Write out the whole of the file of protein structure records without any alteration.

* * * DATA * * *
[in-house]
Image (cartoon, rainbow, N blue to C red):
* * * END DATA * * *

[in-house]
Image (cartoon, rainbow, N blue to C red):